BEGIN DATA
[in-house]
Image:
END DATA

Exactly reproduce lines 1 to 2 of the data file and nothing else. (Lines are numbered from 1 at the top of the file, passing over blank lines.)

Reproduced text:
[in-house]
Image: